Somewhere in the sky is a satellite doing a very tedious job.  Its name is the Kepler Space Telescope, and all it does is stare at the same group of stars, an area between the constellations Cygnus and Lyra, waiting for planets to pass in front of them.  Kepler’s mission will continue for several years.

Meanwhile, down on Earth, scientists are having fun analyzing the telescope’s data.  In January, they discovered five new planets (named Kepler 4b, Kepler 5b, Kepler 6b, Kepler 7b, and Kepler 8b).  Last week, they announced two more orbiting the same star.  They’re called Kepler 9b and Kepler 9c.

Although the Kepler Space Telescope has been operational for less than a year, it has already identified hundreds of other potential planets.  Once these planet candidates pass in front of their parent stars two or three more times, proving that they are in regular orbits, the scientists on the ground will start announcing the discoveries of Kepler 10b, 11b, 12b, 13b…

Hundreds of years from now, when humanity has spread across the galaxy, establishing colonies and waging intergalactic wars, the Kepler Space Telescope will be in a museum.  A little plaque will say this machine helped find more planets than any other before the invention of FTL technology.  Maybe the colonists on Kepler 281b will hold an annual festival celebrating the discovery of their planet.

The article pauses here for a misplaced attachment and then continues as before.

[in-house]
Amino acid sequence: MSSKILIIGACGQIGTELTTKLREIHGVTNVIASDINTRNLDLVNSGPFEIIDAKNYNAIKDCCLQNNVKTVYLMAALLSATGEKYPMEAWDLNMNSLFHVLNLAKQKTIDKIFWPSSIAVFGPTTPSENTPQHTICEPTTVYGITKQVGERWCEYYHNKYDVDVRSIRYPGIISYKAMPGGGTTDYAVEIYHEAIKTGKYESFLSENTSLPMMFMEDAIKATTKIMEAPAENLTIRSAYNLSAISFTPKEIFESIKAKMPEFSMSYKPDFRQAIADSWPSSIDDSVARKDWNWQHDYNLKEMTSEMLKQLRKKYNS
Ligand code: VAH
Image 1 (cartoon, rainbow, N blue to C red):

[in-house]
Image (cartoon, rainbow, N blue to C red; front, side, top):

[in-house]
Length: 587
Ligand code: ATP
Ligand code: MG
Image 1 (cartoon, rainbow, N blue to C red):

In the distant future I’m describing, the Kepler Mission will have so many planets named after it that it will be the most common planet name.  Planet Keplers will be everywhere, just as there are so many towns named Springfield.  Right now, the space telescope continues its monotonous mission, but I predict its name will never be forgotten.

Link to the Kepler Mission Website.

2 responses »

  1. Casi Nerina says:

    I think you’re probably right. Kepler will be remembered for a while. Also, that website is great.


    • James Pailly says:

      Last I heard, Kepler has discovered something like 1000 new planets with another 2000 to 3000 possible planets. That’s definitely a lot, but there are now quite a few other exoplanet search projects in the works. It wouldn’t surprise me if some other mission soon surpasses Kepler’s numbers.


Leave a Reply

Fill in your details below or click an icon to log in: Logo

You are commenting using your account. Log Out /  Change )

Google photo

You are commenting using your Google account. Log Out /  Change )

Twitter picture

You are commenting using your Twitter account. Log Out /  Change )

Facebook photo

You are commenting using your Facebook account. Log Out /  Change )

Connecting to %s

This site uses Akismet to reduce spam. Learn how your comment data is processed.